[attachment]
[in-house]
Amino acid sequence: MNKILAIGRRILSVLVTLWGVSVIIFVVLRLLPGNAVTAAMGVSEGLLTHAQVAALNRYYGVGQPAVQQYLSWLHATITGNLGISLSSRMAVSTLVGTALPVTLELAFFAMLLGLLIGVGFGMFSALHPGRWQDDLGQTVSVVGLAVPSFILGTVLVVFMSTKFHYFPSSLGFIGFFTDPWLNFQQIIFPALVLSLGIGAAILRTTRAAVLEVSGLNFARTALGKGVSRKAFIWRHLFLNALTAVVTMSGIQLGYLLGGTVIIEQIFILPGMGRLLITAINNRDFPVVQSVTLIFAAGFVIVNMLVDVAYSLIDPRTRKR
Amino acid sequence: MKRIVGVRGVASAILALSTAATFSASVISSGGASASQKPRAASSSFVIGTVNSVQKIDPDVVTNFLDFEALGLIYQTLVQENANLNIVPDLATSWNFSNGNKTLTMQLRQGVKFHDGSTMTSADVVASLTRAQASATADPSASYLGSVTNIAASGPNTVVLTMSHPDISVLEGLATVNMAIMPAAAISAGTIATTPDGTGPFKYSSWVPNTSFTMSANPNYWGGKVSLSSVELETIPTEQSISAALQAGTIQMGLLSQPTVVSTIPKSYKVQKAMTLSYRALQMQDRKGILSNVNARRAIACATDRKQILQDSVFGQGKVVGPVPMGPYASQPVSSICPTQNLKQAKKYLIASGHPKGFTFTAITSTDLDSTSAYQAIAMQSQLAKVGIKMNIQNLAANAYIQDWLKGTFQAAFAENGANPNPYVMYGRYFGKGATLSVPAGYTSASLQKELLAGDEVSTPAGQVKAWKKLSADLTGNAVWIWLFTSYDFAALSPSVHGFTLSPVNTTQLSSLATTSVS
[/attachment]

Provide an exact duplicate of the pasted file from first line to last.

[in-house]
Amino acid sequence: MNKILAIGRRILSVLVTLWGVSVIIFVVLRLLPGNAVTAAMGVSEGLLTHAQVAALNRYYGVGQPAVQQYLSWLHATITGNLGISLSSRMAVSTLVGTALPVTLELAFFAMLLGLLIGVGFGMFSALHPGRWQDDLGQTVSVVGLAVPSFILGTVLVVFMSTKFHYFPSSLGFIGFFTDPWLNFQQIIFPALVLSLGIGAAILRTTRAAVLEVSGLNFARTALGKGVSRKAFIWRHLFLNALTAVVTMSGIQLGYLLGGTVIIEQIFILPGMGRLLITAINNRDFPVVQSVTLIFAAGFVIVNMLVDVAYSLIDPRTRKR
Amino acid sequence: MKRIVGVRGVASAILALSTAATFSASVISSGGASASQKPRAASSSFVIGTVNSVQKIDPDVVTNFLDFEALGLIYQTLVQENANLNIVPDLATSWNFSNGNKTLTMQLRQGVKFHDGSTMTSADVVASLTRAQASATADPSASYLGSVTNIAASGPNTVVLTMSHPDISVLEGLATVNMAIMPAAAISAGTIATTPDGTGPFKYSSWVPNTSFTMSANPNYWGGKVSLSSVELETIPTEQSISAALQAGTIQMGLLSQPTVVSTIPKSYKVQKAMTLSYRALQMQDRKGILSNVNARRAIACATDRKQILQDSVFGQGKVVGPVPMGPYASQPVSSICPTQNLKQAKKYLIASGHPKGFTFTAITSTDLDSTSAYQAIAMQSQLAKVGIKMNIQNLAANAYIQDWLKGTFQAAFAENGANPNPYVMYGRYFGKGATLSVPAGYTSASLQKELLAGDEVSTPAGQVKAWKKLSADLTGNAVWIWLFTSYDFAALSPSVHGFTLSPVNTTQLSSLATTSVS